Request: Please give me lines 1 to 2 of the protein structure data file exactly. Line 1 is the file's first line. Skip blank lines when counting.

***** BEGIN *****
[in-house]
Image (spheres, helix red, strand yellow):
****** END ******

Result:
[in-house]
Image (spheres, helix red, strand yellow):